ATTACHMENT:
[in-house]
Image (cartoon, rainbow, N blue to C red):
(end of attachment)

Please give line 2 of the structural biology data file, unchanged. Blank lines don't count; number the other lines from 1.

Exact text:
Image (cartoon, rainbow, N blue to C red):